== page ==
European Union shouts discrimination

The Biden administration has been working on the “Health and Climate” plan for more than 18 months. And last Sunday, the US Senate adopted this plan, which includes, for the part of the automobile that interests us here, assistance with the purchase of electric cars. In this case, a tax credit, which can be up to $7,500 (€7,300.40 during the day), an amount greater than the maximum bonus of €6000 that an individual can benefit from in France.

But it is conditional on the departure of the said car to an American factory, and that its battery is made on American soil. This automatically deprives European electric models of this support.

The European Union is deeply concerned about the impact of this law on transatlantic trade. We think it discriminates against foreign builders versus US buildersThis was confirmed by a spokeswoman for the European Commission, Miriam Garcia Ferrer.

yes. so what ? You might be tempted to respond to those who admire Uncle Sam’s country’s ability to practice unrestricted protectionism, in order to protect and even enhance their industry.

Isn’t every country entitled to promote its own production? Well, no, it’s not that simple. For European authorities, this tax exemption would in fact be incompatible with the rules of the World Trade Organization (WTO).

Tax credits are an important incentive to encourage demand for electric cars (…) but we need to make sure that the measures introduced are fairThe spokeswoman said during a regular press conference.So we continue to urge the United States to remove these discriminatory elements from the bill and ensure that it is fully WTO compliant.‘, she indicated.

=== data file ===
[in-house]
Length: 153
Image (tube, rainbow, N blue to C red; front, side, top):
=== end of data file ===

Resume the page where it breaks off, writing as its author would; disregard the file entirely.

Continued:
American manufacturers are also not satisfied

In any case, this bill must now be approved by the House of Representatives, the equivalent of our National Assembly. But this measure does not only make people groan in Europe. Even within the USA, the Alliance for Automotive Innovation (a group of national and foreign manufacturers, representing nearly all cars sold) sees the procedure as “too restrictive”.

According to its CEO, John Bozella, about 70% of electric vehicle models currently sold in the United States will not qualify for a tax credit. Simply because, like us, American manufacturers also rely on foreign countries to supply them with batteries.

He urged Washington to expand origin standards for battery components toTo include producing countries that have collective defense agreements with the United States, such as NATO members, Japan, etc.“.

As is often the case, no one is happy. case to follow.

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